A very worthwhile call for essays over at QLit: Rejecting the Bedroom: Sex and Sexuality as a Site of Queer Resistance and Space. Anyone with a bent toward queer theory should get up in this biz! The question being asked is totally fascinating: how can queer people make the bedroom not the only place in which it is safe to “be” queer? And how can they “queer” the bedroom on their own terms? I can’t wait to read the answers people come up with to these questions.
It raises all sorts of questions about how much the sex we have identifies/shapes/distinguishes us and how we make that sex part of ourselves as a meaningful contribution to the lives we want to lead. And it’s an important question, particularly right now, as same-sex marriages start up in the wonderfully accepting city of New York. There have been many articles and many photos from this past weekend, when the first same-sex marriages were performed here in the city (on a lottery system to avoid overcrowding, which is kind of funny and kind of annoying all at once), but this photo set by the Washington Post almost made me cry. You’ll see why.
This website, however, DID make me cry. The struggle to discover and claim a space in which to be oneself, whether queer or anything else, is one that is so vitally important, and yet in so many places it is forced into a position secondary to the struggle to simply exist. These are the people who get left out of important discussions like the one QLit is opening, not because the issue is unimportant but because the marginalized and forgotten are busy trying to make their very existence a reality, in their own lives and in the minds of others. The struggle for queer recognition and space is the same struggle as the fight for awareness of native people everywhere, but nowhere more so than in this country, where we are so fascinated by the exotic and the “authentic” but forget about the promises we’ve broken to our own people. Please visit HonorTheTreaties.org and spread the word. Educate others. If you live in America and don’t know about the Laramie treaties or the Supreme Court Ruling about the Black Hills or the fact that the war against the Lakota was the only war in which America negotiated for peace by conceding every demand made by the enemy… You SHOULD.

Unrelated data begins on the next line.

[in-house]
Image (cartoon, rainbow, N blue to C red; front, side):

We who espouse the ideology that we can all get along if we are willing to listen to one another must remember that even the voices that are often unheard are the ones we must endeavor most to heed.